by Sofia Misenheimer
July 21, 2023
Far removed from police-raided storefronts, one Montreal laboratory is pioneering a legal path in the realm of psychedelics. Cubed Biotech is cultivating substances like magic mushrooms, mescaline, and DMT, with a nod from the law, to alter perceptions about the potent compounds and potentially reshape the future of mental healthcare.
"Fewer than 5% of biotechs focus on natural production," Cubed founder and CEO Adam Coape-Arnold told MTL Blog. "There are around 46 dealers licensed in Canada growing psychedelic mushrooms, but we are the ones truly going end to end."
The company follows a spore-to-store production process, with plans to package "a finished pill in blister packs, sold at your local pharmacy and covered by RAMQ."
A bottle of muscimol and neurotoxin ibotenic acid, along with other chemicals used to synthesize the compounds in natural psychedelics.Will Prince | MTL Blog
Beyond psilocybin, Cubed is delving into lesser-known psychoactive compounds like muscimol. The substance, found in iconic red-and-white fly agaric mushrooms, is germinating interest as a sleep aid, sedative, and even as an opioid substitute.
"We focus on the classic psychedelics, the natural entheogens," said Coape-Arnold. That rules out MDMA, ketamine, and other compounds that sidestep the serotonergic system, which regulates feel-good hormones in the body and, if disrupted, can play a significant role in depression and anxiety.
With a unique arsenal of mind-bending molecules, Cubed plans to put its dealer's license to good use.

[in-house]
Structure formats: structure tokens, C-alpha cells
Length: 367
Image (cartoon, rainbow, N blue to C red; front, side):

License to pill
While the term "dealer's license" may conjure images from a crime drama, for Cubed it means a government-endorsed pass to handle and transfer controlled substances. That authority, granted by Health Canada, lets the company cater to research institutions and medical practitioners across Canada and worldwide.
Cubed is already collaborating with McGill University, where researchers are exploring the link between psychedelics and new reward pathways in the brains of rats. In line with the high-level academic investigation, all Cubed products must undergo medical-grade sterilization and contain precise dosage.
Cubed Medicinal Chemist Pavol Tuna illustrates the molecule structure of synthetic psilocybin compounds, as they interact in the human body.Sofia Misenheimer | MTL Blog
Part of that process falls to Cubed Medicinal Chemist Pavol Tuna, who breaks down psilocybin and psilocin into their primary building blocks in order to recreate them synthetically.
"There are off-patent ways to learn, but we're trying to create more patentable unique methods… Plus, we're striving for medical-grade. So, it has to be really clean."